Cooperative Automated Transportation (CAT)

Cooperative Automated Transportation

Roadway safety in a cooperative automated world

Highway automation is not years away, or even days away. It’s here now, causing a number of state transportation agencies to react with initiatives related to preparing and supporting Connected Automated Vehicles (CAVs) on U.S. roadways.


Connected and Automated Vehicles (CAVs)

Cooperative Automated Transportation (CAT) deals with CAVs, which are vehicles capable of driving on their own with limited or no human involvement in navigation and control. Per the definition adopted by the National Highway Traffic Safety Administration (NHTSA), there are six levels of automation (Levels 0-2: driver assistance and Levels 3-5: HAV), each of which requires its own specification and marketplace considerations.


Vehicle-to-Everything (V2X) and Connected and Automated Vehicles (CAVs)

For traffic safety, vehicle-to-everything communications is the wireless exchange of critical safety and operational data between vehicles and anything else. The "X" could be roadway infrastructure, other vehicles, roadway workers or other safety and communication devices. ATSSA members are at the forefront of these technologies, and are working with stakeholders across new industries to see these innovations come to life.


Sensor Technology

CAVs rely on three main groups of sensors: camera, radar, and Light Detection and Ranging (LIDAR). The camera sensors capture moving objects and the outlines of roadway devices to get speed and distance data. Short- and long-range radar sensors work to detect traffic from the front and the back of CAVs. LIDAR systems produce three-dimensional images of both moving and stationary objects.


For more information about ATSSA’s efforts on CAT and CAV’s and their interaction with our member products check out the resources below.




Resources

CAT Coalition working group shares research on AV issues, primer plans

Participants share impacts of AVs on highway infrastructure and report on U.S. readiness

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Members of the Cooperative Automated Transportation Coalition Infrastructure-Industry (CAT I-I) Working Group shared recently that they are assembling a primer with acronyms and definitions for autonomous vehicle (AV) and connected vehicle (CV) infrastructure and technology.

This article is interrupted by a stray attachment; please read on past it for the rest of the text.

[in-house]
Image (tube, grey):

The primer is not the first of its kind but intended to “bridge the gap” between Infrastructure Owner-Operators (IOOs) and Original Equipment Manufacturer (OEM) practitioners, according to the CAT I-I working group members.

The working group's recent meeting also included presentations by Ted Hamer, managing director at KPMG Corporate Finance, and Paul Carlson, chief technology officer at Road Infrastructure Inc.

FCC votes unanimously to redistribute a portion of the safety spectrum

ATSSA and other roadway safety advocates opposed changes to 5.9 GHz band

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The Federal Communications Commission (FCC) voted unanimously today to reallocate more than half of the 5.9GHz spectrum band—known as the “safety spectrum”—to unlicensed uses including WiFi.

The new rules adopted today make the lower 45 megahertz of the spectrum available for unlicensed uses. They require Intelligent Transportation System (ITS) licensees to stop using this portion of the spectrum within a year.

ATSSA President & CEO Stacy Tetschner called the action "a major blow to the roadway safety community and public safety in general."

Midyear Digital: Hear national experts’ short- and long-range industry forecasts

Opening General Session will reveal “6:60:6 Predictions”

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Midyear Digital’s Opening General Session features a panel of national experts providing their “6:60:6 Predictions” for the roadway safety industry.

Panelists include Ken Simonson, chief economist, Associated General Contractors of America;  Jeff Davis, senior fellow and editor, Eno Transportation Weekly; and ​Hilary Cain, vice president, Technology, Innovation, and Mobility Policy, Alliance for Automotive Innovation.

Registration is now open for this fully virtual meeting.

ATSSA endorses Auto Alliance’s commitment to preserve bands of spectrum for transportation safety

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ATSSA President & CEO Stacy Tetschner sent letters to Federal Communications Commission Chair Ajit Pai and U.S. Department of Transportation Secretary Elaine Chao this week strongly endorsing the Alliance for Automotive Innovation’s letter committing to fully utilize the bands of spectrum allocated for transportation safety.

“The commitment undertaken by the Auto Innovators reflects a watershed moment for roadway safety. This letter demonstrates a unified industry committing substantial resources and support for Vehicle-to-Everything (V2X). This approach should dispel any notion that the industry will not deploy V2X or that the Safety Spectrum will not be used,” Tetschner wrote.

FCC extends deadline for replies to comments on 5.9 GHz band proposal

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The Federal Communications Commission’s Office of Engineering and Technology granted a 21-day extension of the deadline for submitting replies to comments regarding a proposed rule change regarding the 5.9 GHz band, also commonly referred to as the "safety spectrum."

The new deadline of April 27 resulted from the extensive comments submitted and disruptions caused by COVID-19.

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